Iran or Persia?


Original Word: Ahmadinejad

New Word: Persia

Nationality: Iranian

Language: Persian (53%)

Religion: Muslim (98%)

Population: 78,868,711 (2011)

18th largest population in the world.

Capital: Tehran (The World Factbook.)

What do you think of when you hear the word: Iran? Now, what about: Persian? I would guess that they are two very different concepts. One brings up negative thoughts and the other positive. Well, I am here to say that they are one and the same.

When I think of Persia I think of bright colors, wonderful Mediterranean flavors, and spices.

A week ago, before I put myself up to this mission of Asian cooking I came across a cookbook at the library. One thing you must understand about my palate is that I love, love, love Mediterranean food. Olive oil, lemons, feta, couscous, pilaf, houmous, dolmas, walnuts, phyllo dough, and the list goes on and on. So, I saw this Persian cookbook and checked it out. I didn’t even flip through it, I just grabbed and left.

It is called Pomegranates and Roses by Ariana Bundy. Almost all of the recipes have either pomegranates or roses in it. She describes living in an immigrant family in the Western society as an Iranian/Persian. I would highly recommend this cookbook to anyone. It is worth checking out. It is beautiful and I had several tags sticking out of it for things that I would like to cook.

What I have learned about the cuisine in Iran?

Pomegranates, roses, saffron, dried fruit, and legumes are everywhere. Everything has a vibrant color. Whether it was coming from the pomegranates, saffron, or turmeric you wanted to eat everything with your eyes first.

I had some guests over and I treated them to a stew with rice and a saffron rice pudding. The rice pudding sure was sweet! A little went a long way! The texture came out like a jelly and all the ingredients were rice, water, sugar, rose water, and saffron. So, imagine how much sugar went into it.

My stew was called “Lubia Polo.” It was a stew that was made with beef, green beans, and tomatoes. It was flavored with cinnamon (Bundy 210). I served it with traditional “Polo Ba Taadig” which is basmati rice that has a crust (Bundy 106).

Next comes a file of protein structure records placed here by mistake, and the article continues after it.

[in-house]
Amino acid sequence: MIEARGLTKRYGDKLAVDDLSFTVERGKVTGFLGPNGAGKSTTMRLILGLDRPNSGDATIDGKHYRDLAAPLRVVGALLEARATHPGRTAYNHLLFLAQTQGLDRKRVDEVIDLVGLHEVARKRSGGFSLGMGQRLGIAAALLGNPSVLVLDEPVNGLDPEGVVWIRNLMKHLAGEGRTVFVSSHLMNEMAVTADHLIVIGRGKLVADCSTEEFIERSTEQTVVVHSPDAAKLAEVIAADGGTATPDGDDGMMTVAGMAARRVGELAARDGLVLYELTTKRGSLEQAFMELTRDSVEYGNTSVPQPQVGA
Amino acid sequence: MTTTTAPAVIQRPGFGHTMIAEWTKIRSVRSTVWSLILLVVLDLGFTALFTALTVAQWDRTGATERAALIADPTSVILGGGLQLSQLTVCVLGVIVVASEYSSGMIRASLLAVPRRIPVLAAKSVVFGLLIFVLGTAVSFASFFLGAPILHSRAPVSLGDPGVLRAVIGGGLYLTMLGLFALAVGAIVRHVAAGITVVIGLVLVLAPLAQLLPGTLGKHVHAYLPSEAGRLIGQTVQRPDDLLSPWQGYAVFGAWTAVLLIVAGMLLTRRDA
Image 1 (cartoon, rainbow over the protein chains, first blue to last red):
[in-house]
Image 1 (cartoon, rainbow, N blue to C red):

Slow Cooker Lubia Polo

(Inspired by Ariana Bundy’s recipe in Pomegranates and Roses.)


1 onion, chopped

500g/ 1lb stew meat (beef or lamb)

1 tsp turmeric

2 garlic cloves, minced

2 tbsp tomato puree

800g/32oz canned chopped tomatoes

1 tsp cinnamon

300g/ 1/2lb green beans, 1 inch pieces

pinch saffron*, dissolve in 2 tbsp hot water (this is optional)

1 tbsp butter

In a large sauté pan, over medium heat sauté onions in a little bit of olive oil until translucent. Add meat, salt, pepper, turmeric, and garlic. Meat should be browned but not fully cooked. Add tomato paste cook for a minute so the raw tomato flavor is gone. Add canned tomatoes, salt, pepper, and cinnamon. Transfer to a crock pot. Cook on high for 4 hours or low for 6-8 hours.

An hour before serving, sauté green beans in a little bit of water and a cover. You want your green beans partially cooked. Add green beans and saffron liquid to the crock pot and leave the cover off.

Serve with basmati rice. KEY FOR BASMATI! Rinse, Rinse, Rinse! Make sure you rinse your basmati rice before cooking it. If you do not it will be clumpy and gross.

*Saffron is the most expensive spice in the world. If you wish not to buy some I completely understand and you will not be missing it in this dish. I expect to be cooking with it a lot throughout Asia so I purchased an ounce for 4.50GBP (7.00USD). If you find some that is relatively cheap then it is probably not real saffron. You might have found saffron flavored gelatin. A great way to check is real saffron does not dissolve completely.

As I said before I served this to some guests so I was preoccupied and did not take pictures. Oops! I will remember for Azerbaijan, Qatar, Maldives, and Armenia!

On this week’s menu it is:

Qatar: Qahwa Helw (spiced coffee)

Maldives: Huni Roshi (coconut flatbread)

Azerbaijan: Chicken Plov

Armenia: Honey Cookies

See you later this week!

The World Factbook. Central Intelligence Agency, 2012. library/publications/the-world-factbook/geos/ir.html. 25 Jun. 2012.

Bundy, Ariana. Pomegranates and Roses. London: Simon and Schuster, 2012.


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